Additive Manufacturing bridge between professional training and arts

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Last Friday was a significant day for our group. Beyond the usual work we found ourselves in two events which are distant both geographically and content but still interesting for our professional and personal growth. A party of our staff held a seminar together with other speakers at the order of Chieti engineers focused on scenarios that 3D printing has opened for the professional in question, and another party attended the presentation at La Feltrinelli of Pescara catalogue the “Back Side of the Blind Spot” by the artist Luciano Sozio.

workshop scenari 3D in ingegneria

The workshop which was held in Lanciano had a technique imprint, concentrated in the first part on the teaching of the additive manufacturing process, the basics and innovative concepts in the sphere of mechanical engineering, “forced” to migrate to 3D to remain pace with new technologies, new languages ​​and production processes. With great interest, believing strongly in the training we have embraced the project of the order of Chieti engineers want to share our technical know-how with the audience to give an idea as widely as possible of additive manufacturing world. Our technical manager explained to about 130 professionals design characteristics and practical application examples of the most popular rapid prototyping technologies additive comparing with the oldest subtractive rapid prototyping (CNC machining) to let out the pros and cons of each, then concluding that there is the best rapid prototyping technology at all, but there is the best rapid prototyping technology to the client’s specific needs.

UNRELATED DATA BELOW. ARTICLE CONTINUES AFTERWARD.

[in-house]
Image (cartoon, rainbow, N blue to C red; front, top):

The “Back Side of the Blind Spot” is an art project by Luciano Sozio, curious artist and a “man of the world” as he calls Serena Ribaudo in his preface, driven by the desire to make discoveries. Probably the meaning of the title of his exhibition at the Pandone Castle in Venafro is really to investigate the existence of blind corner, what each of us is to live but on which no one really dwells on. A further special feature of the exhibition, that involved us in person, was the creation of a path in the dark designed specifically to allow everyone, blind and sighted people to approach art and touch it. Seven three-dimensional works made with Stereolithography were tactile surveyed visitors who have not discovered the simple reproductions of the artist, but works specially designed to be understood by anyone with the view in the dark. Testimonies of visitors are intense and devoted words of awe and emotional involvement to this “3D” experience, but in the dark.


Again we are far from the world of 3D mechanical design which generally surrounds us, but we immediately supported the project by Luciano Sozio because we truly believe that additive manufacturing will find, in the “simple” or “perfect” future, space in all fields of knowledge

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